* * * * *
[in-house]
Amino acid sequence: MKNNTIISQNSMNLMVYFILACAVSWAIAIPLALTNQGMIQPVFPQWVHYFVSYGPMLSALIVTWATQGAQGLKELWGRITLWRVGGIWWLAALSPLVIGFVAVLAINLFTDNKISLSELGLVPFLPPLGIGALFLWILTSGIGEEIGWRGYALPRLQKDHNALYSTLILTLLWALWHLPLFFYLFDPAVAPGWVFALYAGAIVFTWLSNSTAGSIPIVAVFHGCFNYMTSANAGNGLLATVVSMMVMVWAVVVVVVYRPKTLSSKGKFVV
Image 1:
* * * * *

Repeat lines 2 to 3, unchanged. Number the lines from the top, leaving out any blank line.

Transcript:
Amino acid sequence: MKNNTIISQNSMNLMVYFILACAVSWAIAIPLALTNQGMIQPVFPQWVHYFVSYGPMLSALIVTWATQGAQGLKELWGRITLWRVGGIWWLAALSPLVIGFVAVLAINLFTDNKISLSELGLVPFLPPLGIGALFLWILTSGIGEEIGWRGYALPRLQKDHNALYSTLILTLLWALWHLPLFFYLFDPAVAPGWVFALYAGAIVFTWLSNSTAGSIPIVAVFHGCFNYMTSANAGNGLLATVVSMMVMVWAVVVVVVYRPKTLSSKGKFVV
Image 1: